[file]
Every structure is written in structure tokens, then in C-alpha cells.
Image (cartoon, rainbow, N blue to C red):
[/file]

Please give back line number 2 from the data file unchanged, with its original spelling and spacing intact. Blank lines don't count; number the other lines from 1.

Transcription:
Image (cartoon, rainbow, N blue to C red):